The reason for this is that both Series 6 and 7 registrations involve the sales of primarily commission-based products, which would exclude an RIA from labeling themselves “fee-only.” This is a big decision with potential impacts to your clients’ portfolios and the solutions you offer, but a necessary one for those who desire to market themselves this way.
8. Ensure There Are No Custody Problems with Fee Collection
As financial professionals seek to serve those who traditionally couldn’t be served with financial advice, they’re also looking to new methods of fee collection. In some instances, firms are automatically charging client credit cards for recurring planning fees. Those who do so must be careful.
In some jurisdictions, having access to a credit card, along with the ability to charge it, is seen as a custody violation. Be sure to check with your state regulations on collecting fees for planning and explore other alternatives for fee billing.
9. CFP Board’s Guidelines on Fee-only Planning
Over the years, there have been numerous misuses of the label “fee-only” by CFP® professionals. As such, the CFP Board has developed strict standards for what constitutes fee-only planning. At the highest level, CFP® professionals and their firms must be compensated entirely through fees for advice with no sales-related compensation.
The CFP Board also states that “Related Parties receive no Sales-Related Compensation in connection with any Professional Services the CFP® professional or the CFP® Professional’s Firm provides to Clients.”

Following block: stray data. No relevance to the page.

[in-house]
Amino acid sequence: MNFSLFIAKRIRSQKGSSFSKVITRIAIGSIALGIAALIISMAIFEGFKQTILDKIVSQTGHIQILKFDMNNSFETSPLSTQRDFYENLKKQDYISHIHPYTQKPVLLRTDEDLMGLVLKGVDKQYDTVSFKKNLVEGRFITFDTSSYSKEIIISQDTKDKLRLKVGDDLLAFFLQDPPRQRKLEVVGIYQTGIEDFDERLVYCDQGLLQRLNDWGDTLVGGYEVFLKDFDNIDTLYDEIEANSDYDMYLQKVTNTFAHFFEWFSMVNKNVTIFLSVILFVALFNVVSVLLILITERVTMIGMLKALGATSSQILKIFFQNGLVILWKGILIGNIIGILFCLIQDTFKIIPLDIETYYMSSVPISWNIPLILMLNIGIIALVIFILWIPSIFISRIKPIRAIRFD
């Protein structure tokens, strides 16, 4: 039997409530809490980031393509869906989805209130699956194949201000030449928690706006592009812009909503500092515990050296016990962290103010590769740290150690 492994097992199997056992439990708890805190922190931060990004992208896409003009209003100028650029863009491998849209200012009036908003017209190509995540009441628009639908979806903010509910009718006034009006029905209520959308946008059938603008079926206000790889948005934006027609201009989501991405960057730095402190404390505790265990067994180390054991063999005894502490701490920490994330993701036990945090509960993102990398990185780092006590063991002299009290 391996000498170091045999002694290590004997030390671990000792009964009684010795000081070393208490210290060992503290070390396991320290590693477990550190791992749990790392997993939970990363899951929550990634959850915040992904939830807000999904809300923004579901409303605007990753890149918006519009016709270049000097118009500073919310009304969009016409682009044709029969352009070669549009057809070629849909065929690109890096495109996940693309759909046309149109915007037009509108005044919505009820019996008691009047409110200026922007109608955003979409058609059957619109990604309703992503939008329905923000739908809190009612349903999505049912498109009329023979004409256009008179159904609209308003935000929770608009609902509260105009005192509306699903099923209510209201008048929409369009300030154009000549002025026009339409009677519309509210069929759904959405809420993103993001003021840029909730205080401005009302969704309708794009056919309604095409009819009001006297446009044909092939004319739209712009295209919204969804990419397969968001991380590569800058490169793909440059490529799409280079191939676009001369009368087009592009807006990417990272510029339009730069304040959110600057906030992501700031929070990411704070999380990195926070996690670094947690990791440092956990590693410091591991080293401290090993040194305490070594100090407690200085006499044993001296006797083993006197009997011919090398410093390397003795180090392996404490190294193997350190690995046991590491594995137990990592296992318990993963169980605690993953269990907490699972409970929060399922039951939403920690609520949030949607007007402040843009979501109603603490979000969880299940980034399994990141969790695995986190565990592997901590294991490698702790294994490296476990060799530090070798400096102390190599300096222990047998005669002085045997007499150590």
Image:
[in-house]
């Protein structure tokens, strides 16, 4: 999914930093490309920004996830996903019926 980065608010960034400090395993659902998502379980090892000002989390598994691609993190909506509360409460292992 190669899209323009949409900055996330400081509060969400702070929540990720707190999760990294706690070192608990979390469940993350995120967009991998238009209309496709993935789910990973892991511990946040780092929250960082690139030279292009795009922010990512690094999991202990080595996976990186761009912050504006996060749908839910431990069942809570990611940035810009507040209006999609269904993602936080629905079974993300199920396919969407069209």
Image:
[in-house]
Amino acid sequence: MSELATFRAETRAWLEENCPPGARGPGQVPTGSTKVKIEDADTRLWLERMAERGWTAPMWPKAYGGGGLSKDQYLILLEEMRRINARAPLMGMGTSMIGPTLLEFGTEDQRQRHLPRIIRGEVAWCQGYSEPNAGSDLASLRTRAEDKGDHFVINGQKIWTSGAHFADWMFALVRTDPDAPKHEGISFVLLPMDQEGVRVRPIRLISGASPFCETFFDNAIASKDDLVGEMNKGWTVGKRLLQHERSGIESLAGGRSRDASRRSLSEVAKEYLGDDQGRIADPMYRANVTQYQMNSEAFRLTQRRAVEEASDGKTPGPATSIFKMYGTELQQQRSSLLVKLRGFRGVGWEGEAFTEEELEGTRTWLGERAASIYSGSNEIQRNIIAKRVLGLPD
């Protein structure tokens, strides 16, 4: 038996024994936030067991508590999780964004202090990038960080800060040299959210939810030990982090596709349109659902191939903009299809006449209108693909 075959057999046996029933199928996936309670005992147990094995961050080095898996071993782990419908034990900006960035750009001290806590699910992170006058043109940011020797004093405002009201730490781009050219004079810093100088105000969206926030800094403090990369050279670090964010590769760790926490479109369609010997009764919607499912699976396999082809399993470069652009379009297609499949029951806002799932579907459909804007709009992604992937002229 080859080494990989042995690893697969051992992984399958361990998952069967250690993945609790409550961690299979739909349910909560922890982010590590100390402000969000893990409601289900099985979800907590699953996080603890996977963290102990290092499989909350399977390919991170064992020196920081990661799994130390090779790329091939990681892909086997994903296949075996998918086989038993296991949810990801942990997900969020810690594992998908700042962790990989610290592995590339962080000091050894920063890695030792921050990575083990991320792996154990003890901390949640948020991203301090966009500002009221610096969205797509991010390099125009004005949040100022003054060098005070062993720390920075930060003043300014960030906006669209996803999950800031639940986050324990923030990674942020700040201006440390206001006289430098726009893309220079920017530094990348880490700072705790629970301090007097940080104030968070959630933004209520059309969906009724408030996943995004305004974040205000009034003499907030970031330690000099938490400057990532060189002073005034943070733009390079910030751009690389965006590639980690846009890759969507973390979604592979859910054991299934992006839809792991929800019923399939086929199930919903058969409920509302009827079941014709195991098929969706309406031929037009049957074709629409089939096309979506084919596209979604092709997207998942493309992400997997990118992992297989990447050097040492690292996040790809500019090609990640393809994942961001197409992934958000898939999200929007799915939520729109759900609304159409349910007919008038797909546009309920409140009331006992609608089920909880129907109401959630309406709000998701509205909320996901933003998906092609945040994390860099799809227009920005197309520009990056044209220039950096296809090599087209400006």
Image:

This means that any relationship a CFP® professional or their firm has with an entity collecting sales-related compensation would disqualify them from the fee-only label if it’s in connection with the planning services provided.
If you’re a CFP professional hoping to offer fee-only planning, it’s important to take a look at the relationships you and your firm have with other financial services providers to ensure you truly can call yourself fee-only. There is a subtle, but important, difference between “fee-based” and “fee-only.”
Making the Shift to Fee-only Financial Planning
Making a change in your pricing model can be a huge undertaking, but one that secures the future of your firm, offers greater transparency to your clients, and opens up an entirely new market for prospective clients.